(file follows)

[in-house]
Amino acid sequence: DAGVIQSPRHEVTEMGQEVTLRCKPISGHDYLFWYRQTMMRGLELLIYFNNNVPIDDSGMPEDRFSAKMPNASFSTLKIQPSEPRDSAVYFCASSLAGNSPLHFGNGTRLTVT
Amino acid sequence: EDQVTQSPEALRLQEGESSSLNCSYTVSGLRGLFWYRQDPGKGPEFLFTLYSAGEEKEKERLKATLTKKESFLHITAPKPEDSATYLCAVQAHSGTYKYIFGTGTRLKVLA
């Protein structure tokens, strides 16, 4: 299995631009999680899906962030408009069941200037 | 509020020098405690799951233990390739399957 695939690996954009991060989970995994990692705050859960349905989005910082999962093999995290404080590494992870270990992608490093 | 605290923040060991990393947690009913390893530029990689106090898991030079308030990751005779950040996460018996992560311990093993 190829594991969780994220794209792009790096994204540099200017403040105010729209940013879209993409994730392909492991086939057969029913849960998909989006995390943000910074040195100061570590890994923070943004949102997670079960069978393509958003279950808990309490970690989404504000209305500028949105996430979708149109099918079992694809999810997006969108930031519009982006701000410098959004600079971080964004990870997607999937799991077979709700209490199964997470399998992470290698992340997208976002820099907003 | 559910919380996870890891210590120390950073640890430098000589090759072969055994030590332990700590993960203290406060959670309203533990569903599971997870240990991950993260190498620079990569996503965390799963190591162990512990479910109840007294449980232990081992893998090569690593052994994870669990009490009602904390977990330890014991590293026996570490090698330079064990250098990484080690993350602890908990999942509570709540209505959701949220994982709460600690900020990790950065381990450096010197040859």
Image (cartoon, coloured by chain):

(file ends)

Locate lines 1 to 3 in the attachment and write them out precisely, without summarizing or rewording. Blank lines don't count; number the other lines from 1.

[in-house]
Amino acid sequence: DAGVIQSPRHEVTEMGQEVTLRCKPISGHDYLFWYRQTMMRGLELLIYFNNNVPIDDSGMPEDRFSAKMPNASFSTLKIQPSEPRDSAVYFCASSLAGNSPLHFGNGTRLTVT
Amino acid sequence: EDQVTQSPEALRLQEGESSSLNCSYTVSGLRGLFWYRQDPGKGPEFLFTLYSAGEEKEKERLKATLTKKESFLHITAPKPEDSATYLCAVQAHSGTYKYIFGTGTRLKVLA